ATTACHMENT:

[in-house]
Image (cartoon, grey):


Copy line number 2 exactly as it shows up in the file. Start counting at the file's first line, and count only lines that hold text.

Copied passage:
Image (cartoon, grey):